You can find any batter or pitcher's entire matchup history in the Play Index. Just type their name in the box and select "Batter vs. Pitcher" or "Pitcher vs. Batter". From there, you'll get the history of every matchup for that player.

Comments Off on The Hall of Fame Hunger Games | Posted in Baseball-Reference.com, Hall of Fame, History

2015 Hall of Fame Features

Posted by Mike Lynch on January 6, 2015

With the announcement of the 2015 Baseball Hall of Fame class this afternoon, here are some useful links from around the site:

Please enjoy these features as you debate with your friends today.

13 Comments | Posted in Announcement, Awards, Baseball-Reference.com, Data, Hall of Fame

Speaking our Piece About Jack Morris

Posted by admin on December 5, 2013

I don't think it's a secret that the sabermetric case for Jack Morris is an especially thin one.  A ranking using WAR has him about the 25th best player on the ballot.  But we hear all of these stats about how much of a workhorse Morris was.  Here is an example from Tom Verducci.  Now it's true that Morris pitched into the 8th the most of his era, but when he did he was actually way below average among of group of pitchers who pitched 100+ outings of that length.

Morris worked deep in the games, but it was largely due to usage rather than effectiveness.   When he went 8 innings he was league average, when he went five innings he was league average.  The chart below shows the number of innings completed by the starter per start.  So the "0" row is not all first innings, but just the games they didn't make it out of the first inning.  Their complete games would be in the 9 row.  Now there is a value to pitching late into games and Morris should be credited by that value, but it certainly looks to me that a big reason Morris went late into games was the astronomical run support he was getting not because he was pitching so much better than the average pitcher.  Note that for outings last one inning or longer Morris' RA is WORSE than league average for every single outing length.

All AL SP's 1975-1997 Jack Morris Frank Tanana (1975 on)
completed innings % of all GS W-L% RA tmAvgRS % of all GS W-L% RA tmAvgRS % of all GS W-L% RA tmAvgRS
0 1.3 0.000 89.23 4.86 0.6 0.000 64.80 5.67 1.5 0.000 83.45 5.38
1 2.7 0.000 29.29 4.61 1.1 0.000 33.48 4.33 2.0 0.000 31.30 4.73
2 4.2 0.000 18.00 4.62 2.5 0.000 20.90 4.00 3.6 0.000 19.13 4.10
3 5.9 0.000 13.06 4.60 3.2 0.000 13.81 5.24 3.6 0.000 13.23 4.60
4 8.0 0.001 10.00 4.52 6.3 0.000 12.39 4.58 5.1 0.000 9.80 4.61
5 14.0 0.412 6.45 4.94 5.7 0.375 8.79 4.50 9.9 0.324 6.91 4.94
6 18.4 0.504 4.78 4.62 12.3 0.540 5.78 5.80 17.2 0.500 4.95 4.78
7 18.4 0.637 3.43 4.51 21.3 0.730 3.94 5.88 21.9 0.633 3.51 4.70
8 12.3 0.545 2.93 3.75 19.5 0.413 3.86 3.83 15.1 0.368 3.00 2.86
9 14.1 0.842 1.68 4.91 26.0 0.867 1.77 4.53 18.8 0.880 1.48 4.97
10 0.5 0.713 1.88 2.76 1.3 0.250 2.44 2.14 0.4 0.000 0.90 0.50
11 0.1 0.667 1.63 2.54 0.2 1.64 3.00 0.4 1.000 0.82 2.50
12 0.0 0.667 1.59 2.75 0.2 3.00 5.00
13 0.0 0.59 2.57 0.4 0.00 1.50
14 0.0 0.750 1.77 4.25

 

It seems to me if the basis of your argument for Morris in the HOF was that he pitched deep into a lot of games (and was about avg in those outings) then you have a pretty weak argument.  The summary of our view is that Morris was a pretty good pitcher on very good teams, but really is not a whole lot better than someone like David Wells or Frank Tanana.  And certainly not better than Mike Mussina or Kevin Brown.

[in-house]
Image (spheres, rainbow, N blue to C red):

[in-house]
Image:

95 Comments | Posted in Announcement, Baseball-Reference.com, Hall of Fame, Stat Questions, Statgeekery

PFR Hall of Fame Features

Posted by Neil on January 18, 2013

With the Hall of Fame finalists being named last week, here's a reminder to check out our Hall of Fame Section at PFR, as well as the 2013 ballot (with a list of finalists, and semifinalists who didn't make the cut).

1 Comment | Posted in Announcement, Features, Hall of Fame, Pro-Football-Reference.com

2013 Hall of Fame Features

Posted by Neil on November 28, 2012

A little while ago, the Baseball Hall of Fame released the names that will be on this year's BBWAA ballot. Apropos of that, here are the Hall of Fame features we currently have for your browsing pleasure:

Please enjoy these features in this, the craziest of all Hall of Fame years.

10 Comments | Posted in Announcement, Baseball-Reference.com, Features, Hall of Fame

Naismith Basketball Hall of Fame Page

Posted by Neil on November 14, 2012

Comments Off on Naismith Basketball Hall of Fame Page | Posted in Announcement, Basketball-Reference.com, Hall of Fame, History

Basketball Hall of Fame Section

Posted by Neil on September 7, 2012

With the Hall of Fame's inductions tonight, just a reminder that you can check out a list of Hall of Famers here... Also, you can select HoF induction status as a criterion in Play Index searches.

12 Comments | Posted in Announcement, Basketball-Reference.com, expire7d, Features, Hall of Fame

Pro Football Hall of Fame Pages

Posted by Neil on August 6, 2012

With the inductions of Curtis Martin, Dermontti Dawson, Chris Doleman, Cortez Kennedy, Willie Roaf, and Jack Butler last Saturday, now's a good time to check out PFR's Hall of Fame Page to look at where the newly-enshrined players fit in with the rest of the HoF legends.

Also, we list the 2012 Ballot here; you can compare that to the HoF list and see who got snubbed (Aeneas Williams! Tim Brown! Cris Carter!) and who's next.

1 Comment | Posted in Announcement, Hall of Fame, Pro-Football-Reference.com

Hall of Fame Ballot History – Baseball-Reference.com

Posted by admin on January 9, 2012

B-R: Hall of Fame Ballot History

This report looks at the top 8 vote-getters in Hall of Fame balloting each election and also shows the average number of votes per ballot for each season. Using this you can see how candidates like Bert Blyleven, Barry Larkin and others have progressed up the ballot year after year.

5 Comments | Posted in Announcement, Baseball-Reference.com, Hall of Fame

2012 Hall of Fame Finalists Announced

Posted by Mike on January 9, 2012

2012 Pro Football Hall of Fame page has been updated with the 15 finalists for this year's class.

2 Comments | Posted in Announcement, Hall of Fame, Pro-Football-Reference.com